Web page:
Why does it take so long to take away drunk drivers’ licenses?

A professor calls it the perfect storm of legal challenges.

They’re designed to protest the rights of the accused – but they also given hundreds of drunk drivers the chance to offend again while waiting for their day in court.

With the high number of people being killed from DWIs, prosecuting drunk drivers is more of a priority than ever.

So why does it sometimes take two, three and even four years to take away a license from some drivers who drink and drive?

Bob Buckley investigates in the video above.

5 comments

  • Chucky

    The defendant has the right to a “speedy trial” but there is no right of the state to have the same. It almost always works in the favor of the defendant to delay trial as long as possible while they get treatment and try to avoid being charged again (or avoid getting caught again). Sometimes, the officer retires or moves on to another job while waiting for trial. When that happens, it is difficult for the state to prosecute once a witness is no longer available. It is up to the judges and other court employees to monitor the number of continuances and limit them.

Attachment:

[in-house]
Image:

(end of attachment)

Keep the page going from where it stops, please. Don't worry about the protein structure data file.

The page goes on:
• news2me

    They should have a special court for only..
    1. DRUNK DRIVERS
    2. TEXTING WHILE DRIVING

    Just like in medicine…
    Special Doctors for this and that…no difference..

    2014 = TECHNOLOGY= Lots of ways to get this stuff done before someone else gets hurt….

  • John Smith

    A great way to check driver texting…..
    Get in the car in the morning during the time commuters go from Lexington to Winston-Salem on highway 52. The average speed of the drivers will be 80 (in a 65 zone) and 50% will be texting if you glance to see them.

  • FaithC

    As always the state knows they have a problem and do very little to fix it. Some of those cases are 3 and 4 years old. So this has been a problem for at least as long as that. What has the state truly done to fix this? They will continue to do very little.

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